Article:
Orphaned Child Helps Abandoned Dogs

Meena_Bambie
Orphaned Child Helps Abandoned Dogs
Young animal activist knows what it means to be left behind. Found in a basket at nine months and adopted at two, this now-14-year-old is committed to helping rescue animals

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A 14-year-old animal advocate in California is dedicating her time to giving senior rescue dogs a forever home. She too experienced what it’s like to be abandoned.

At nine months old, Meena Kumar was left in a basket on a college campus in India, spending a year in an orphanage before she was adopted by a family in San Jose, CA.

She was two years old when she came to California, already possessing “a passion for animals,” the teen says. Her past left her with a strong empathy for animals left behind.

“I love dogs and I would like them to find a caring home and family just like I did,” says Meena. “The people who cared for me worked with the agency in the US to find me a lovely home and I want to provide the same support for dogs in need.”

At the age of eight, Meena got her first dog from the Humane Society. “I wanted more pets and kept asking my parents to adopt more dogs,” she says. “My parents felt that adopting more dogs would be a lot of work and suggested that I think of other ways to help dogs.”

One evening she met her neighbour, Dr. Kathy Stecco, walking an older dog named George. Meena discovered that her neighbour takes care of senior dogs from Muttville, and learned about the rescue’s founder, Sherri Franklin, a 2016 CNN Hero. Meena has since become one of Muttville Senior Dog Rescue’s “most passionate” supporters, says the rescue organization.

“I did some research and saw that most senior dogs have a tough time finding a forever home,” Meena shares. “I felt that no dog should feel unloved and abandoned, and wanted to help them in some way.”

Volunteering wasn’t an option because Meena was a little too young, so she began brainstorming other ways to help, ultimately hitting upon an idea: “I decided that I would take care of dogs around my neighbourhood and donate all the money I earn to Muttville.”

Meena started Pet Fairy Services, a dog-sitting service, in 2014 and has since donated $14,000.

"When I first met Meena I knew she was something special,” says Muttville’s founder Sherri Franklin. “She has great passion for the plight of senior dogs, and her contributions have saved many lives! We are so grateful. It's great to see a new generation picking up the cause."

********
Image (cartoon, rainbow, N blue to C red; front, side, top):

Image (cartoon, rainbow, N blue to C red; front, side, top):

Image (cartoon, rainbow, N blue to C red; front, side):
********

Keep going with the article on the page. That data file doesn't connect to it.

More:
Now working towards a $25,000 goal by the end of 2020, the teen has partnered with Pebble Naturals, a human-grade pet supplement company, for a fundraising campaign. 100 percent of the profits from each bottle sold will be contributed to Meena's fundraising campaign. (Use the code "MEENA" on pebblenaturals.com and 100 percent of the profit will be donated to Muttville.)

“Meena is a living example of how a business can be a powerful force for good. We’re so impressed by Meena’s big heart, and we’re excited to be a part of her fundraising campaign,” said Dr. Kate Mezan and Nayoung Susie Kim, the company’s co-founders.

Meena says family has been very supportive in her work. “Without their full support and help, I could not have done this. My entire family including my parents and grandparents have grown to love the companionship of dogs.”

Meena and her family adopted a Chihuahua Spaniel mix from Muttville that was found as a stray. “These old dogs often get euthanized just because they are older and they need more help than younger dogs at other shelters,” says Meena. “I want to help them find a forever loving home, the same way I found my forever home,” says Meena.

She encourages everyone to find ways to help animals and people in need “no matter what state they are in because it could sadly be you one day in their shoes,” she says. “Many of the senior dogs at Muttville remind me of my grandfather who passed away last year. I want to take the best care of senior dogs, the same way I took care of my grandfather. I want to help them feel at home.”

For more on Muttville Senior Dog Rescue, check out muttville.org.

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